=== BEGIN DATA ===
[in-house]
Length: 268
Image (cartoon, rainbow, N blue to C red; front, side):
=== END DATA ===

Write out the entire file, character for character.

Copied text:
[in-house]
Length: 268
Image (cartoon, rainbow, N blue to C red; front, side):